git checkout foo will update your project to reflect the changes in branch foo, as well as point the HEAD to branch foo. You need to do this in order to make changes to branch foo.
git checkout -b foo will run git branch foo and then git checkout foo.
git branch -d foo will try to delete the branch. If the branch has unmerged changes it will fail.
git branch -D foo will force delete the branch, even if there are unmerged changes.
git branch -m foo will rename the branch.
git merge foo merges branch foo into the current branch.

How branches really work

In most other VCSs, branches are actual physical copies of the entire project. In git, however, branches are just pointers to commits. By default, there is only one branch (master), and therefore only one pointer, and it always points to the latest commit. The HEAD is just git's way of referring to whatever the current branch is. When you git checkout foo, the HEAD points to foo. When you create a new branch the only thing that happens is a new pointer is created (pointing to the most recent commit).

Things get a little more tricky when you start committing to new branches.

Say we have two branches, master and foo. You want to start working on a new feature, so you git checkout foo, and begin editing files. Once you've made your changes, you git commit -m "Made some changes". Now the two pointers (master and foo) are pointing to different commits. master is one commit behind, while foo has changes and is one commit ahead.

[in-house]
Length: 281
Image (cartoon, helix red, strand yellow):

At this point, there are a couple things that can happen.

Fast-Forward Merges

If there were no changes to the master branch while we were working in foo, then a fast-forward merge takes place. The master pointer is simply updated to point to the most recent commit in foo, thereby syncing the branches.

3-Way Merges

If there were changes to master while we were working on foo, then a 3-way merge takes place. Git uses the two existing branch tips to create a third commit composed of the merged changes from both branches (hence the name 3-way merge).

Creating a branch, making changes, and merging it to master

These are the commands you would run if you were to create a new branch called new-feature, add a feature to ImportantClass.php, and then merge the branch back to master.

git checkout -b new-feature
vim ImportantClass.php # make changes to a file
git add .
git commit
git checkout master
git commit -m "Added some feature"
git checkout master # so we can merge and delete new-feature
git merge new-feature
git branch -d new-feature # delete branch new-feature since we no longer need it